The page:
Category Archives: College Admission

Stanford Report: College Rankings Are Deeply Flawed


Are the families you serve overly concerned about college selectivity?

Researchers at Challenge Success — a nonprofit organization based at the Stanford University Graduate School of Education — released a white paper this fall that calls into question the value of university rankings.

“There is no question that the college admission process can be stressful. We hope that this paper prompts students and families to examine what college success means to them and to question common assumptions about college selectivity,” the authors note in the paper’s executive summary.

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NACAC Creates School Profile Resource


School profiles are an important tool in the college admission process.

They allow secondary schools to highlight the things that make them unique while helping college admission professionals better understand each school’s student body and academic offerings.

And thanks to NACAC, counselors now have a new resource to reference when creating or updating their institution’s profile. The online database — made available last month — includes links to more than 1,200 profiles from member schools.

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College Search Tips for LGBTQ Students


All students have questions about the college admission process.

But those who identify as LGBTQ often grapple with a unique set of considerations when researching schools and submitting their applications. In addition to finding a college that supports their academic goals, they are searching for a campus community that will embrace their identity.

Looking for resources to help students with their search? In an article published this week by Teen Vogue, college admission professionals answered some of the most pressing questions asked by LGBTQ students.

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Words of Wisdom for College Essay Editors


A recent column published in The New York Times offered some timely advice for parents who just can’t help tinkering with their child’s college essay.

In a word? Don’t.

“The paradox of the overzealous editing of the college essay by many helicopter parents is that they don’t know what a college essay is really about,” wrote JM Farkas, a college essay consultant. “Unlike the other parts of an application, where high grade point averages and SAT scores reign supreme, the essay is less about being impressive than it is about being authentic.”

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#NACACreads Author Offers College Prep Tips for Parents, Students

Students across the country are now back in school, and for many families, conversations about life after high school are just beginning.

#NACACreads author Ned Johnson has some advice for parents as they help guide their children through the college search and selection process. Johnson and William Stixrud, who together penned The Self-Driven Child, shared tips in a recent article published by U.S. News & World Report.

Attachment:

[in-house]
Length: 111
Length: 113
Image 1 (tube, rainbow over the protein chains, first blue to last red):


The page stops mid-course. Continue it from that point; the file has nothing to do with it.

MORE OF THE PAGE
One takeaway for moms and dads: Resist the urge to micromanage.

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Application Advice for College-Bound Students


High school seniors are sending out more and more college applications each year and NACAC members have some advice for students who want to make their applications stand out in the growing pile.

Extracurriculars are a big buzzword on college applications, but Craig Meister, director of college counseling at Oxbridge Academy (FL), urges students to look beyond just their school’s offerings.

Get involved in your larger community. Don’t count out after-school jobs or even taking care of your siblings.

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Updated Guide Highlights Options for US Students Seeking Degrees Abroad

Interested in exploring educational options outside the US?

NACAC’s newly updated Guide to International University Admission features country profiles and admission advice for 13 destinations that have proven popular among US students seeking full degrees outside their home country.

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A Reminder: The Work We Do Changes Lives


Editor’s note:  This post was originally published on Admitted in August 2017. It’s being republished as part of NACAC’s Best of the Blog series.

All of you see it every year.

A senior who graduated in May stops in before they head off to college. The smile is bright, but the eyes betray them; they are scared.

It’s easy for me to reassure them because, as old as I am, I remember how transformational the first week of college was. I was the first person in my family to graduate from college, and I grew up in a town of 13,000 in Illinois. I really had no idea what to expect. I was pretty scared.

It started in my second class. My professor said something, and I laughed out loud. He asked me what was so funny, and I told him that I had never ever thought about what he had just mentioned. He gave me a sly grin and became a lifelong mentor.

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